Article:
The Tory festival sounds like the worst thing ever

Keep your hands of our festivals

If you thought the shambolic mud bath that was last month’s Y Not Festival was bad, then just wait until you hear about the latest addition to the UK’s festival calendar. Sinisterly preceded by a harrowing picture of David Cameron quaffing the blood of the poor and smoking their ground-up bones (OK, OK, maybe it was just wine and a Marlboro Light, but who really knows?) at Wilderness Festival over the weekend, news reaches us that the Conservative Party are setting up their very own bash.

Mid-Norfolk MP George Freeman is the man behind the plan, taking to Twitter to exclaim: “Why shld the left have all the fun at festivals?” Evidently he saw just how many LOLZ were to be had at Glastonbury and decided that he wanted to have cider-sozzled lads singing his name at the tops of their voices while they waited for their Goan fish curry and henna tattoos of Jeremy Corbyn’s face. Can’t blame him, really.

“Why shld the left have all the fun at festivals? We need a cultural revival of grassroots Conservatism: DM me to join #ConservativeIdeasFest,” tweeted Freeman.

Since putting his shout-out online, Freeman has raised over £25,000 to help put on the event, which he describes as a “cross between Hay-on-Wye and the Latitude festival”. Except, we assume, much less fun than either. The only bright side to such an event would be the slim chance that Kate Bush – who was recently outed as right-wing – might show up and play a secret 2am set on the Margaret Thatcher stage, but aside from that it sounds like hell on Earth. Or at the very least, hell in the home counties.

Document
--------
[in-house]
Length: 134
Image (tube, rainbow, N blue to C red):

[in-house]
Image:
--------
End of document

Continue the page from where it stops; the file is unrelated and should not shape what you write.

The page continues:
Pitched as an ‘ideas fest’, we can only imagine what kind of darkness awaits punters as they slide their Hunter wellies over their red trousers and start off the day with some privately funded yoga, before a lunch of port and lobster and a panel discussion about the best ways to well and truly bury the welfare state. The evenings would be dedicated to downing giant fishbowl cocktails imported directly from Mahiki, while all your favourite Tory musicians – from Gary Barlow to er, Gary Barlow – play various permutations of ‘God Save The Queen’. Luckily, the inaugural event, set for later this year, is going to be limited to just a couple of hundred people, so there’s little chance that you’ll accidentally end up there after taking a wrong turn on the way to Bestival.

Even so, be wary about what tickets you end up booking for 2018. The Conservative Party already seem hellbent on having their wicked way with our health service and the education system – please don’t let them have our festivals as well.